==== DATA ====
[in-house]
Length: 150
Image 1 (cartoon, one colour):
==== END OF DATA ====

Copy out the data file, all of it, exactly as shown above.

[in-house]
Length: 150
Image 1 (cartoon, one colour):